Jon Marcus reports on the fallout from high student failure rates in state school-leaving exams.
ATTEMPTS to impose a demanding standardised school leaving exam in a host of states are being forced into retreat by high failure rates, parental anger and the potential cost of widespread remedial instruction.
Already, one state has withdrawn the highly touted tests, which students have to pass to graduate from school, and all but one have lowered the passing grade, mostly under political pressure resulting from high student failure rates.
In one-third of the 49 states that have the tests, the shift has come within three years of the standards being set during an earlier wave of popular enthusiasm for get-tough educational reform.
Critics say the standards have been set too high. In some cases, students are being tested on material they have not yet been taught.
"Until you can walk into the average classroom in the average school and find the content being taught in a way that would help the average student meet the standard, it is not fair to penalise the students," Richard Elmore, a professor at the Harvard Graduate School of Education, told a conference in Washington marking the 10th anniversary of the highly lauded National Education Summit, which was the catalyst for many of the school reform plans.
Some of those leading the educational reform movement say lawmakers are giving in too easily to parents' complaints. "They got the legislature to water it down," Wisconsin Governor Tommy Thompson said, disdainfully.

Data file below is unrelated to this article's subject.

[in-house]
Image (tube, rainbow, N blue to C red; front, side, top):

Under pressure from irate parents, Wisconsin has already withdrawn a test that every student would have had to pass to graduate from high school.
In Arizona, where only one in 10 students passed a new state maths test, education officials have agreed to reconsider the exam. Virginia, which had just imposed a rule that schools would be stripped of their accreditation if their students failed to meet new state standards, quickly reversed the policy after only 7 per cent of schools managed to meet that requirement.
And while Massachusetts has stuck to its threat that students will not be allowed to graduate from high school unless they pass a new state test, it has set the acceptable grade just one point above the "failing" level; New York has set a passing score of only 55 out of 100 for its English exam.
Critics say the states had moved too fast to impose these tests under pressure from lawmakers who did not provide for teacher training or smaller classes - and who never considered the ramifications of high failure rates that could force schools to hold back tens of thousands of students.